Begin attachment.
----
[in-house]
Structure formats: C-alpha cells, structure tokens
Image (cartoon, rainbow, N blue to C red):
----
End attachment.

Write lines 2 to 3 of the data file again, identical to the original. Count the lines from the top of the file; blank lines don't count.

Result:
Structure formats: C-alpha cells, structure tokens
Image (cartoon, rainbow, N blue to C red):